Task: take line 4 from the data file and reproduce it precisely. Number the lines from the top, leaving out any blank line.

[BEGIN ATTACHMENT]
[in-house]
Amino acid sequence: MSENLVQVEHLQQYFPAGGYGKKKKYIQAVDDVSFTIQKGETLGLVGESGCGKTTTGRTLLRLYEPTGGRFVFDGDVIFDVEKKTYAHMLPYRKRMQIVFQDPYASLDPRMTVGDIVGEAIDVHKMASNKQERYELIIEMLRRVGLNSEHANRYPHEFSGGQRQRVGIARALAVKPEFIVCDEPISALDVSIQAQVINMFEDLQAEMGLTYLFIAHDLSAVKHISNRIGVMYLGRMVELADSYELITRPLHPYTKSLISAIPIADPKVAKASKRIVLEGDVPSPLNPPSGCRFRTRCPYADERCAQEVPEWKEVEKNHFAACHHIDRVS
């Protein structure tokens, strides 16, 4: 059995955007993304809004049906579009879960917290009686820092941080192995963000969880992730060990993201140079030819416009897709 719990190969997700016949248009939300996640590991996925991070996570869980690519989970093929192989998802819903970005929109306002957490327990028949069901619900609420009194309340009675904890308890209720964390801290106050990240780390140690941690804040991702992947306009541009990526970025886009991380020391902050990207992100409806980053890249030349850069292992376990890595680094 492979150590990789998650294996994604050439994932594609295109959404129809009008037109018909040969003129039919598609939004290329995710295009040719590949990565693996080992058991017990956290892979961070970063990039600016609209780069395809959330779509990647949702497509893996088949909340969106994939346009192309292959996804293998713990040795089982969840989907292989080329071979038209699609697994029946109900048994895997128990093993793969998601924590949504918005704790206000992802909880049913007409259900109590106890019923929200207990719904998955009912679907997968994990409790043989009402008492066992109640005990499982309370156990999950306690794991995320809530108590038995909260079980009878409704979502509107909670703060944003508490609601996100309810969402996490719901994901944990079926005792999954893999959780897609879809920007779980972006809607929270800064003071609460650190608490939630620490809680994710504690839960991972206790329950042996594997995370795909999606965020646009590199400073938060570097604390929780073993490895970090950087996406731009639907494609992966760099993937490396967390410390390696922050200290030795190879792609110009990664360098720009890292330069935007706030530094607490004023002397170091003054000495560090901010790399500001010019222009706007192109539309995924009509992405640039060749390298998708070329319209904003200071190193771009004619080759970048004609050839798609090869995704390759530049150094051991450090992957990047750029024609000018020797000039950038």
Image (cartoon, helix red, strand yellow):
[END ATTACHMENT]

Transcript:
Image (cartoon, helix red, strand yellow):